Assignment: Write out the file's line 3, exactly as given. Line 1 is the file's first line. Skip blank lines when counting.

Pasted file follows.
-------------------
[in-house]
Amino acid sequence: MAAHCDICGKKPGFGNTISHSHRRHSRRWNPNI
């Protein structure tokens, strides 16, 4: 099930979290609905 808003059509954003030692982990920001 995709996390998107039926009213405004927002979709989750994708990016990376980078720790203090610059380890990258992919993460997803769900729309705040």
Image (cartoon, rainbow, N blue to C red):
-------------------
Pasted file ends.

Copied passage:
């Protein structure tokens, strides 16, 4: 099930979290609905 808003059509954003030692982990920001 995709996390998107039926009213405004927002979709989750994708990016990376980078720790203090610059380890990258992919993460997803769900729309705040």